WASHINGTON -- After months of deliberation and suspense, Secretary of State Colin Powell has announced he will not attend the U.N. World Conference on Racism, which opens this weekend in Durban, South Africa.
What a shame.
Certainly the most powerful nation on Earth -- a country that owes much of its supremacy to slavery, second only to genocide in vileness -- would have something to contribute when the whole world gathers to discuss how and why to stop racial discrimination, exclusion and abuse. After all, the United States knows a thing or two about these matters.
It knows how many lives can go to waste while policy and lawmakers are talking about phasing out or toning down the practices.
It knows the toll racism takes on the public peace, personal prosperity and the national reputation.
It knows the danger of pretentiously defending the practices on false or misguided religious, economic and social grounds.
It knows how those old evils will haunt and haunt and haunt, if ignored and unexorcised.
As America's spokesman to the world, Secretary Powell should have been one of the first to sign up for the conference, where the United States could have been the wise old expert at the table. But as this administration would apparently rather talk a good game than play one, the United States has chosen to shout its denunciations from afar and, like every good hypocrite when it's time to pay up or shut up, refuses even to show up.
The Bush administration's rationale for boycotting the conference is its distaste for two particular agenda items: an excoriation of Israel for treatment of the Palestinians and other Arabs; and a proposal that prescribes reparations for slavery.
It should be noted that neither of these items is set in stone; hence the conference where, by definition, the participants will confer, discuss and debate. If the administration believes the proposals are wrong-headed, where better to make the point than at the source? By drawing the curtains around the United States and pretending the rest of the world is either not there or doesn't count, the State Department is abdicating its foremost duty -- to stay in touch with other powers on the planet.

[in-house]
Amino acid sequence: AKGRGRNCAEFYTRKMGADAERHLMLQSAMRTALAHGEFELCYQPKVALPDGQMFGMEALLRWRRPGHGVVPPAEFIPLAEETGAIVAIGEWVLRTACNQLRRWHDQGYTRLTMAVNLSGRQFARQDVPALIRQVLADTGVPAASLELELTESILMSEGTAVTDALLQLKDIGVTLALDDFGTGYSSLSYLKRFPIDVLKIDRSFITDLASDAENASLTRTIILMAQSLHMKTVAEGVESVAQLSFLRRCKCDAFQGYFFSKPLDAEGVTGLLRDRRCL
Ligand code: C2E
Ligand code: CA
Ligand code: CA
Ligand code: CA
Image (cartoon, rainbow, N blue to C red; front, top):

In reporting Powell's decision, The Washington Post quoted "a senior State Department official" as saying it had been vital to Powell that the conference be "forward-looking."
In the peculiar rules of Washington interplay, that "senior State Department official" may well have been Powell himself. But even if it is someone else, let us presume the quote fairly reflects the secretary's sentiments. In that event, one must ask, whatever has happened to your critical thinking and analytical skills, Mr. Secretary? Was abandoning them part of the job description?
Surely Colin Powell knows better. Surely he did not get as far as he has without developing an appreciation for perspective. Surely he understands that you cannot gain good perspective without looking at all angles, especially the past. How can he reasonably argue that we can fix what's wrong without, first, assessing what's wrong. And how can he do that without getting real?
It's like treating a coronary patient by telling him to swear off any further heart attacks while ignoring his medical history and what he may or may not be doing now to aggravate the condition. That's "forward-looking" too, I suppose. But it's no way to get well.
Deborah Mathis is a columnist with Tribune Media Services.
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